sumption and Scrofula never
come without this starvation.
And nothing is better for
starved blood than cod-liver
oil. Scott's Emulsion is
cod-liver oil with the fish-fat
taste taken out.
Two sizes, SO cents ud 91,Ot
SCOTT & BOWNB, Belleville, Ot*.
Know What You Chew
Tlio deepest wounds to our love may
be marvelOttsiy healed by a. naive, pre
scribed for oar vanity.
Womnn wants dress ; man wants address.
Karl's Olover Root Tea purifies the
blood aud gives a clear and beautiful
li frae from Injurious eolortafc
Tht moi* you uii af Ik tfcft
Utter you Uiu it
-Mfl ��������. I. TV-MITT 4 ������HV ������._ Mt*
Toronto and Strattonl, Ont UNQUK8TI0N
AHLY the leading commercial schools or the
ADA. Moderate rates. Students admltti-d at
any time. Write to either school <"r < l*vnl��s
Mention this paper. SHAW k El UOTT
v s-Jv-L**-^ .
.   IBY s*
THB AEBMOTOK CO. does hall thfl t*<iri<l>*r
"H biirtMM, twwjB* It lilts reduced tlie com a.
W to I.�� what it was.   It li-i** many brum:!
QiHuee.MidsupiiUpsltsKimdsaui) ri-wui*.-
"       door   11 cun mid duos luri-it-ii *������
better article lur Wm iii-ii.-*-* thai,
other.*. ���_ It makes |>uiuplil|_ ���."���)
tie***���*, Stwil   '-inkuii.-t-d'-it*--
'���Uninpletlim   Windmill     1'iitln*-
nied Sum*. Vimt'ia.si.'ci *j,ui a****
_>���  -stool FW Cuttera ntul fi'i��n<
_*_���** Oo��ppllc*tlon twill iiHiiiuont-
-*_**** wtlcles that li will lumlMi unit,
fy_1P-* M-j t\i�� uaun prioe.   u mm> nu.kw
mtmnrntom rut kimis.   Sena fnr ���-������*������*i.**_ih.
sat Pillsfiors) Slrecm uiuri.
$150 For an Old Canadian Stamp
Every Canadian Stamp used between U**
anil 1805 Is valuable and worth from 10c. tofP
iiach. I buy any quantity, ou Ihe original oover*
linterred; al-,0 all other kinds o( ���t_mpn.
particularly tho*_ coller.lwl 25 rears a��o. Bend
For price list It) C. A. NHKDHAM, OM Main
Street Ea��l, Hamilton, Out,,
uriKinal onveloptw of the dateu 1851 to 1870 with
postage HtampH thereon will get good price** for
he stamps by applying to Box IDS. Hamilton
FLORIDA LANDS ol extrntirdln*-r��
fertility; healthy lot-atlnn; Immense
profits on wlntfr-grttwn vegetables
slilppetl to nnrthi'm marketa No
clearing;, drainage or Irrigation need-
ed. Low prfces; easy terms.���W. J
Fenton, 208 Church street, Toronto.
(.'A**u PAID, or tableware, hous*.
Hold and farmers' supplies given Id
-ichange at wholesale prices, for all
kinds of raw furs, viz.: Muskrat, mink
raccoon, sknnk. lox, etc. Conslgr,
it,*nts solicited, large or sm^U. Go<",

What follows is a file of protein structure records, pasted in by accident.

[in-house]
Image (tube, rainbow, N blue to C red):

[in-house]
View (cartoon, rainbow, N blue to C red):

���^liable men wanted to buy and sell
tor as. The Queen (Silverware Hon*,
���.mny. Montreal, Que, r$
Sbe fill Ee Prepared for An; Con-
a   .     tingency,
II Will be Laid Before Parliament���Tha
Kaiser's Troubled Brain-Royal Family
.   Personal RelailoitB��� Kmpress Frederick
to Visit the (jaeen.
London report (cable letter)���
With a view to ascertaining trom authentic data the ratio of British and
German interests ln tho Transvaal,
the Uovernment caused tlio Board ol
Trade officials to prepare a report
on the Immigration Into tliut republic
during tlie period covered by the returns ln the Bourd'e possession. The
Inquiry ol the Bourd has resulted In
the establishment ol the lact that
during the last llftecn years only 12.-
000 foreigners, exclusive of the British, hare gone Into the Transvtoall
The returns Include Americans, Frenchmen, Hollanders, Italians, and Germans, but do not give the ratio ol
eaeti. Tne report will be submitted to
Parliament as soon aB it meets, and
will doubtless be used as an Important
factor tn dealing with the German
pretensions ui a right to interlere In
the boutn Atrtcan Republic. While the
production ol these statistics may assist and Justlly British diplomacy ln
rebutting tne German claims, It Is the
conviction in oltlclal circles that only
tbe strongest and
can avail Great Britain ln lace ol a
possible European coalition against
her. The crista, so lar as the Trans-
vaal Is concerned, seems to be over.
Lord Salisbury has cl.nched the position at Delagoa Bay by notl.'ying the
Government at Lisbon that the landing ot any foreign troops there will
be Immediately [allowed by the occupation ol the place by the British.
By Wednesday live British cruisers
will be stationed at Delagoa Buy. This
procedure rather savors o! a bluff.asfno
power threatens to land troops there.
bnt it Is part ol the strong hand thut
the British Government Is compelled
to play. Thongh the crisis In the
Transvaal Is apparently over, events
ln Europe nre approaching a phase
that Is big with the fate ol England.
No explanations ot Emperor William s
message to President Kruger, of the
hostile language of the German official press, or ol the Interviews ot the
German Ministers with the Boer representatives, have been vouchsa'etl to
Lord Salisbury. There Is reason to
assert that he has demanded such explanations, and that orders to prepare the nnw for war were IbpubiI
after he had dnly advised Count Von
Hatsfeltlt. the German Amhns'ador
here, that tho German Government
onght to give tho explanations requested.
The abatement ot the hostile tont
01 the German Inspired papers cannot
he taken as indicating a change In
the Emperor's policy or ol a lessening ol the danger to England. The
chiefs of the British Foreign Oiflce
have -known for n long time that, In
consequence of German diplomacy In
the East, Lord Salisbury's efforts to
bring about a settlement of the Armenian question has been thwarted,